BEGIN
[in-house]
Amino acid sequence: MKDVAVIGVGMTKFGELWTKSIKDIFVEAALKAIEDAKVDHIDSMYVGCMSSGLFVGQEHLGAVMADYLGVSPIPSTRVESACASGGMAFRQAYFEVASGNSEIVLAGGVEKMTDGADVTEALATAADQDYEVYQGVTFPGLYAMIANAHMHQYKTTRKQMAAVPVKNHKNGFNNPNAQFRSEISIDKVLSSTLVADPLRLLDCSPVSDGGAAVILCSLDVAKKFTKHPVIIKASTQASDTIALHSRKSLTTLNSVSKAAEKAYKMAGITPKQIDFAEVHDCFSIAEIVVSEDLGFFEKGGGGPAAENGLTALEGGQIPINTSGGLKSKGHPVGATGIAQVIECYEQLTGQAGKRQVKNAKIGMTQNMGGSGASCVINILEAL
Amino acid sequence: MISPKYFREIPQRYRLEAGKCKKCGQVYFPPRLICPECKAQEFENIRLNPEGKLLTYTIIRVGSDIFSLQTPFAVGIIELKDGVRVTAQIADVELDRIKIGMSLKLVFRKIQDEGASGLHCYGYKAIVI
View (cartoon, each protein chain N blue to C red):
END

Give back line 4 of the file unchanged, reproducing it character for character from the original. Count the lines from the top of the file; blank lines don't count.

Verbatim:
View (cartoon, each protein chain N blue to C red):